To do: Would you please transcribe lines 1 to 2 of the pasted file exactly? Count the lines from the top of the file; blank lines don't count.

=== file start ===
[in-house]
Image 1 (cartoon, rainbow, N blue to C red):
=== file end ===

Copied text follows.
[in-house]
Image 1 (cartoon, rainbow, N blue to C red):